One of the principle traits of contemporary music is the seeming lack of clearly defined genres. That's fine, because genres have always been thinly veiled attempts to separate music based on the presence or absence of a loosely defined collection of qualities. The creation of these categories has nothing to do with the creation of art that goes in them. Basically, the ultimate fate of genres was always vanishing because it was a fabrication didn't come from making art, but separating art. In an era where rock music is using samples, rappers are positioning themselves as punk, dudes like Charles Bradley are the closest thing we have to music that fits the standards of a genre. And that's because Charles Bradley is basically a time capsule for another era--a glorious and miraculous time capsule, but a time capsule nonetheless. The role of genres is a bygone thing, and that has created a fertile premise for many of the artists who have embraced the terms of the present.

Black Friday is a record by Connecticut-based artist Tedy Brewski released under the moniker Typical Black Punks. The name, a double entendre, denotes a concerted effort on Tedy's part to create music that was influenced by the punk music he'd been listening to of late, as well as explicitly convey the project's theme of race in the United States. However, the role of "influence" did not play out as typically as one might expect when a rapper says they've created an album influenced by punk music. Tedy didn't only adopt the sounds of punk that he likes, he also developed a process that acted like a portal between the nothing-is-really-punk-anymore-present and the punk-is-a-for-real-lifestyle past. Instead of recording songs in the manner he usually does he wound up having one man mosh pits throwing himself around a room, and generally getting hype. The record doesn't look back to punk music, it circles back around in time and then time-warps back to the present forcing the past to come with it.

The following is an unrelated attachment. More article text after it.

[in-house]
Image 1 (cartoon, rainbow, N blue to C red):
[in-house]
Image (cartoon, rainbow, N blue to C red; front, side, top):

To take things even further Tedy doesn't simply assimilate his influences into a single stylization. He moves through different styles of punk rock on different songs, but it never comes across as novel. Given the breadth of what he's doing it's easy to see how the adherence to a concept could outstrip the artist's capacity, but it never happens. Without a PR team, a producer, a recording engineer, a ghostwriter, a chauffeur, or even a weed holder, Tedy has created a work of art that marvels any rap release that has come out in recent years. In particular, the vast and engrossing artistic brilliance captured here sheds a strange shadow upon the "punk influenced" album of a certain global rap megastar. If just one person can do this much, it suggests

In a time when "being punk" has been reduced to wearing certain clothing the creation of compelling dissent through art has become a rarified act. In fact, one might argue that anyone capable of enacting true dissent in the current system is an artist, even if they're not making what we normally think of as art. To dissent from a system that is drowning itself in signifiers, and constantly celebrating the ignorant indulgence of cultural traditions completely divorced from their social origins, is truly an art. It takes critical insight to figure out how to short circuit a world where skittles commercials rival the absurdity of a Ray Johnson nothing. Thus enters Tedy Brewski, a young man of African origin living in the United States. A young man who refuses to succeed by the given standards (the 9-5 corporate ladder), refuses to fail by the given traps (being a "typical black punk"), but persists fearless anyways. The result is something transcendent, something punk as fuck in the internet age whoadie. Tedy is highlighting the fact that he is black, he is in the United States, and he doesn't give a fuck about what he's supposed to do, he's doing Tedy, and that's all it's gonna be.

Tedy Brewski: Tumblr / Twitter / Soundcloud / Facebook